Nurses should not have to work in fear, official says
By K. NANCOO-RUSSELL
Freeport News Reporter
Making an ardent call to the necessary authorities to increase security measures at the nation's hospitals and other medical facilities, Nursing Officer I. Julian Mullings said yesterday that nurses should not have to work in fear for their safety and should feel comfortable in their workplace.
Mullings' statements comes in the wake of a recent incident at the Rand Memorial Hospital, in which a would-be patient terrorized staff and patients at the Accident and Emergency Section of the hospital with a fake gun.
He was addressing the opening ceremony for the Nurses Recognition Month 2007, which was held yesterday at the hospital.
Under the theme, "Positive Practice Environments: Qua-lity workplaces Equals Quality Patient Care," the Grand Bahama Health Services have planned a month of activities to recognize the contribution made by nurses to the field of health care.
The month of May also coincides with the birthday of an esteemed pioneer in the nursing profession, Nurse Florence Nightingale.
In his remarks, Mullings noted that violence has found its way into the working environment and is now causing serious implications regarding the safety of the workers.
"We have seen the escalation of crime and violence coming into the work circuit not only by staff members, but against staff members, nurses in particular, from patients and relatives themselves because they are not served fast enough or because the attention given to them was considered less in quality compared to another patient, just to name a few," he said.
"We have also seen and have experienced, where victims of crime and violence were being attacked by their pursuers in the hospital setting."
Mullings noted that one such instance resulted in the death of a nurse in New Providence, Nurse Joan Lund, who succumbed to injuries received in a similar attack.
"What has been done to protect staff against such acts against their person ? It is my view that there needs to be a drastic measure taken by the employer to seriously address the issues of violence against the employees in the very near future," he said.
"We must be seen to have a sense of commitment to our staff members by doing all things necessary to protect them while they are on the job site. We cannot have a patient attacking the very person who was placed there to care for them. There must be serious consequences for these actions against a nurse and it is up to us to speak up and let our voices be heard against such acts."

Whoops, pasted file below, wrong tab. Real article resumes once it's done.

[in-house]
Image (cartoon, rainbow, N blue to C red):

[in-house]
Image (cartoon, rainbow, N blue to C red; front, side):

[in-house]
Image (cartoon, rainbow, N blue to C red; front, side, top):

Mullings pointed out that it should be seen as unacceptable for a nurse who was attacked on the job to still be instructed to continue providing nursing care to their attacker. This negligible act places the nurse in a vulnerable position, he said, and can create psychological trauma for the nurse.
He asserted that all staff members must be seen and treated as a valuable commodity. Noting that there has been much said about the Patient Bill of Rights, Mul-lings, questioned whether a Nurses or Employee Bill of Rights should be implemented as it pertains to violent acts against them while on the job.
"Violence against nurses in the workplace must be addressed and it must send a direct message that such acts will not be tolerated which must be followed by harsh punishment," he said.
Mullings also took the opportunity to commend male nurses in The Bahamas, who are far outnumbered by their female counterparts. He noted that in Grand Bahama Health Services, there were 196 nurses on staff, of which only eight were males.
Attracting persons to the profession, especially males, he added, is something that must be worked on feverishly by the administration in order to continue the development of the field.
"It is said that the biggest challenge for any government including The Bahamas and any health care service around the world is for recruitment and retention of nurses," he said.
Activities planned for Nurses Recognition Month include a morning devotion, nurses' breakfast, float parades and a nurses' symposium.
OFFICIAL OPENING Willamae Stuart, Public Health Authority nursing services advisor, brought opening remarks during yesterday's opening ceremony for Nurses Month 2007 in the foyer of the Rand Memorial Hospital.(Photos by JENNEVA RUSSELL)
© 2007 The Freeport News